#6 posted 06-14-2012 06:19 PM

Yep … that’s the set … he is currently having them made in China with his name on them … in years past, he had them made by CMT, which was a better bit, in my opinion. There are other manufacturers making similar sets, including WOODLINE … ( ) ...

I have two or three copies of the DVD that I could make available to you as a loan … check your PM for details.

-- - dabbling in sarcasm is foolish … if you’re not proficient at it, you end up looking stupid … ... ...

View LeeInAZ's profile


41 posts in 3537 days

#7 posted 06-15-2012 05:33 AM

I bought Tom Clark’s book Building Practical Shop Cabinets. I have basically used his ideas for all my cabinets, and never a problem. I have one cabinet with over 200 clamps in it and it is held to the wall with 3 4” spax lag screws. It it as solid as a rock.

-- Lee - Phoenix, AZ

View ChrisMc45's profile


117 posts in 3921 days

#8 posted 05-05-2013 01:22 PM

Maybe old news, but some video of Sommerfield is on YouTube

I am not trying for kitchen-grade, just shop grade. I need a cabinet 30” deep to hold router cases, longer boxes, etc

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Lee Barker

2172 posts in 3912 days

#9 posted 05-05-2013 06:32 PM

My general observation on LJ is that people tend to overbuild shop cabinets. This comes, I think, from two places: First, not understanding basic cabinet construction, and second, not appreciating the loads that basic cabinets can bear.

[If overbuilding is to gain knowledge of some specific practice, that’s one thing. Wasting material and time is what I’m seeking to advise against.]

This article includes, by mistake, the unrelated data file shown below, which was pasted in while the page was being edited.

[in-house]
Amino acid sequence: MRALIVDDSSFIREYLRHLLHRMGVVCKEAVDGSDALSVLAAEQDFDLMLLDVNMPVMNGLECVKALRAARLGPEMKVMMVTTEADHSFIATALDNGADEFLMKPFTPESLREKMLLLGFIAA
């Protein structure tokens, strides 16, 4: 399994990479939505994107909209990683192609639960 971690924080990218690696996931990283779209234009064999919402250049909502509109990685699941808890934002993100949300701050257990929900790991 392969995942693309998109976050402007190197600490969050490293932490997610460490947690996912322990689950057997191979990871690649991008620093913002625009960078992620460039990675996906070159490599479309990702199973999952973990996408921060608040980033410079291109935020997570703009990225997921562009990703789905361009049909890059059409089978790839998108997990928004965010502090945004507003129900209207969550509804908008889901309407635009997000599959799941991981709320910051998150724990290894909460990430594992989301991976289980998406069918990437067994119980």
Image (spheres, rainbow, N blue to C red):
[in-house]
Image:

Lots of us have scavenged upper and lower kitchen cabinets and put them in the shop and they are fine.

If an upper cabinet 12” deep is assembled (the case) with butt joints and pocket screws or biscuits or assembled with a dado in the sides, that’s going to work. It’s the face frame that gives the front of the box integrity and the 1/4 plywood back that does the obverse.

It would not be prudent to attach the 1/4 back to the wall without an upper nailer inside; a second bottom nailer would be a fine addition. Then screw it to the wall.

There is no need for french cleats, or thicker backs (just added weight with no structural benefit), or anything special attaching the top and bottom to the sides.



-- " his brain, which is as dry as the remainder biscuit after a voyage, he hath strange places cramm'd with observation, the which he vents in mangled forms." --Shakespeare, "As You Like It"

View nwbusa's profile


1023 posts in 3348 days

#10 posted 05-05-2013 08:27 PM

French cleats are ideal if you ever want to change your shop configuration and move cabinets around.

-- John, BC, Canada

View AlanBienlein's profile